Unlike CEO Elizabeth Holmes, Balwani was also charged with defrauding patients
Former COO . from Theranos and ex-boyfriend of disgraced founder Elizabeth Holmes, Sunny Balwani has been found guilty of all 12 criminal charges after a three-month trial.
In her own high-profile trial this winter, Holmes was found guilty of investor defrauding and conspiracy to defraud investors on four out of 11 counts, though she was found not guilty of patient defrauding. However, this jury found Sunny Balwani guilty of defrauding both investors and patients, and conspiracy to defraud them.
As anyone who has seen the fictional Hulu series “The Dropout” knows, Theranos aspired to run dozens of tests on a single drop of blood, which would have revolutionized healthcare. But despite reaching a valuation of $10 billion and spending more than a decade on development, Theranos’ technology never really worked, and in the most egregious cases, patients were shown dangerously false medical results. In one case, a mother with a history of miscarriage was incorrectly informed that she would have another failed pregnancy. Another patient, Erin Tompkins, took Theranos for its low cost, was classified HIV positive, and then lived in limbo for three months until she could afford a second blood test. She didn’t actually have HIV.
Now Balwani will be held responsible for what happened to Tompkins, as well as a patient Mehrl Ellsworth, who was given a false diagnosis of cancer.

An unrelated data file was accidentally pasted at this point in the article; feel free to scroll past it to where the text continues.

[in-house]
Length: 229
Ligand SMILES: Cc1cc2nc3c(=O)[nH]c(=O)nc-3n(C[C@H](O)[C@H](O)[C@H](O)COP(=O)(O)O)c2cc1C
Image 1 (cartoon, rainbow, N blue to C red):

Holmes and Balwani would be tried together for fraud, but the former CEO filed for a separate trial, stating that Balwani – who is 20 years her senior – had emotionally and sexually abused her. Although the court will not rule on those allegations, the judge granted the request.
During the trial, Balwani’s lawyers attempted to claim that although he was an investor and director at Theranos, he was not involved in the key decision-making process. But that’s a tough argument for a jury that saw a text from Balwani to Holmes that read, “I’m responsible for everything at Theranos.”
In her own trial, Holmes’ defense tried to blame Balwani for the company’s colossal failure. She herself took the stand — a rarity in anyone’s own criminal fraud trial — to detail their relationship. Holmes described that Balwani had so much control over both her and her business that he micro-managed her daily schedule, including how she dressed and what she ate.
Balwani’s trial contained the same evidence that Holmes had charged. The prosecution focused on a key piece of evidence regarding Theranos’ relationship with Walgreens. The biotech startup’s faulty technology made its way into 41 Walgreens stores, but unbeknownst to the pharmacy giant, most of the testing was done on third-party equipment. Theranos’ own machines could not produce accurate test results, so many patients had blood drawn, not with a fingerstick but intravenously. So, Walgreens basically spent hundreds of millions of dollars redesigning stores for Theranos “wellness centers” just to let the startup use the same old technology.
Despite claims by Balwani’s attorneys to the contrary, a Walgreens executive testified that he worked closely with Balwani on the deal. The prosecution also showed evidence of a text message from Balwani to Holmes stating that he deliberately failed to tell Walgreens that they were using different machines.
The Holmes jury took seven days to deliberate, but the Balwani jury reached a decision on the fifth day of deliberation. Both former Theranos executives are awaiting sentencing.
This story develops…